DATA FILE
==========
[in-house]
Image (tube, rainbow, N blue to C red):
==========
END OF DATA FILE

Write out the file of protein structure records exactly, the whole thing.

[in-house]
Image (tube, rainbow, N blue to C red):